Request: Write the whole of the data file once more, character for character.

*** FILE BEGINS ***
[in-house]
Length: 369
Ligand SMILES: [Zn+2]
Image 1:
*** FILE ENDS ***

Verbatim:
[in-house]
Length: 369
Ligand SMILES: [Zn+2]
Image 1: